Olympus' C-765 Ultra Zoom ($499) and C-770 Ultra Zoom ($599) are 4-megapixel compacts with TruePic Turbo processing and 10X optical zoom -- or 14X in a 1,600 by 1,200-resolution Super Zoom mode. The C-770 boasts a metal body, a hot shoe for external flash, and the ability to capture video with audio in MPEG-4 format. For pros, Olympus' C-8080 Wide Zoom ($999) delivers 8-megapixel (3,264 by 2,448) resolution with a super-bright, wide-angle 5X zoom lens; its mode dial combines portrait, sports, night-scene, and other settings with eight customizable "MyMode" options and a dedicated Custom button for jumping right to a favorite feature.

User Friendly
Eastman Kodak was at the show with four new cameras, starting with a 2-megapixel, 2X-zoom beginner's Brownie for $150 — the EasyShare CX7220 — and ending with the $449, 6-megapixel, 3X-zoom EasyShare DX7630 with precision low-light autofocus system. In between are 4- and 5-megapixel EasyShare LS473 and LS573 cameras about the size of a small mobile phone.

HP knows it'll take more than a TV-commercial blitz to make it the choice of serious digital photographers. The company says it'll ship eight new cameras this year featuring what it calls HP Real Life technologies — Adaptive Lighting to bring faces out of shadows and details out of backgrounds in high-contrast photos; Image Advice that helps consumers learn how to get the most from their cameras, analyzing photos and then providing tips on how to adjust settings to improve future shots; In-Camera Red-Eye Removal similar to Nikon's; and a new image engine based on Texas Instruments' digital media processing technology.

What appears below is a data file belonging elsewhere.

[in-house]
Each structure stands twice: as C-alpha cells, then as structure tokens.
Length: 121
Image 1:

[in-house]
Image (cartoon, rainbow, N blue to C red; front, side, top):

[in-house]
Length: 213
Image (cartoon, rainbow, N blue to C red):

The first model in the new line, the HP Photosmart R707, features 5.1-megapixel resolution, 3X zoom, and 32MB of internal memory as well as an SD/MMC card slot. It'll debut in May for $349, with a new R-series dock — for battery recharging, slide-show viewing on TV with a wireless remote, and easy transferring, sharing, printing, and e-mailing of photos and video clips — for $79.

Of course, some vendors embrace first-time buyers. Concord Camera offers a 2-megapixel, no-optical-zoom Concord Eye-Q 2040 model with 7MB of internal memory for $110 and a 3-megapixel Eye-Q 3040 AF with autofocus for $130; the company even offers no-optical-zoom 4- and 5-megapixel cameras, the Eye-Q 4062 AF and 5062 AF, for $200 and $230, respectively.

If you want 3X optical zoom, the 3-megapixel Eye-Q 3343Z is $200 and 4-megapixel Eye-Q 4363Z is $250. Concord's most sophisticated camera is the 5-megapixel, 3X-zoom Concord 5345Z ($380), which comes with 9.7MB of internal memory plus an SD card slot as well as 19 scene-mode selections.

And finally, Argus Camera, which boasts that its low-priced Model C3 35mm camera helped pioneer mass-market photography in 1936, has introduced VGA-resolution digicams for $40 (8MB internal memory), $45 (with flash), and $50 (with a color LCD monitor and SD/MMC slot). There's also a 1.3-megapixel model with flash, 4X digital zoom, and a text-based status LCD for $45.

< Back to Page 1: Power to the Pocket

Adapted from HardwareCentral.com.

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This article was originally published on March 04, 2004